Interview with Allan Pepper (The Bottom Line)
While we mostly interview artists for our NoiseTrade One-on-Ones, it's always an interesting experience to interview someone from the legions of off-stage roles that encompass the music industry. Allan Pepper co-founded the legendary Greenwich Village music club The Bottom Line in 1974. Pepper ran The Bottom Line (along with the other co-founder Stanley Snadowsky) in the bustling New York City music scene for an impressive (and absolutely star-studded) 30-year run. We chatted with Pepper about The Bottom Line's earliest days, The Bottom Line Archive Series releases, and Bruce Springsteen's mythical pre-Born to Run 10-show stand at the club in the summer of 1975.
NoiseTrade: When you first opened The Bottom Line back in 1974, there’s no way that you could’ve envisioned the depth and range of talent that would continually grace its stage over the next three decades. What was the initial vibe of the club like upon first opening its doors?
Allan Pepper: When people ask me about the success of the club, I always talk about the fact that the stage was blessed on opening night by three musical wizards. There was a jam with Dr. John, Stevie Wonder, and Johnny Winter in front of an audience that included Mick Jagger, Carly Simon, Bette Midler, Don Kirshner, Rip Torn, Geraldine Page, James Darren, Charles Mingus, Janis Ian, and a host of other notable celebrities. Because of the opening night notoriety, we kind of hit the ground running.
The other thing that always drew attention was that our booking policy was so varied. We always wanted to present the best talent of the time that was available. And because of the range of music, it always kept people curious. We never envisioned ourselves as a specific kind of room – not as a jazz club or rock club or a cabaret. We always saw ourselves as a music room open to booking beyond one specific genre.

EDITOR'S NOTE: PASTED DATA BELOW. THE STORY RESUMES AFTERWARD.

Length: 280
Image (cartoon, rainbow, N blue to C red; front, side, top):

NT: Do you remember the first moment or the first artist that made you say “Hold on, I think we’ve really got something special going on here at The Bottom Line”?
Pepper: When we opened The Bottom Line, Stanley and I were both 31. To finally open the club was a dream come true for both of us. We had been working towards that goal since our early 20s. So when that opening night jam occurred that I referenced in your first question, and those sparks coming off that stage in front of this kind of audience, I turned to Stanley and said, “Holy shit, this is just the first night”.
At the time we opened, clubs in general booked long engagements - meaning a week to two weeks at a time - and we wanted to be more flexible. We would book an act for as many days as they could be available. I didn’t know if that would work or not. One day, I got a call to see if we would be interested in booking Rick Nelson for a Friday and Saturday night, and then 10 minutes later, I got a call from a different agent asking if I would be interested in booking The Strawbs for the Tuesday, Wednesday, and Thursday of the same week. It was at that moment that I knew our approach was going to work.
NT: As a huge Springsteen fan, his 10-sold-out-show stand at The Bottom Line in August of 1975 is pure musical mythos for me. What can you tell us anything about those 10 career-launching shows and about what you remember of that inexhaustible, 26-year-old, pre-stardom Bruce and his E Street Band?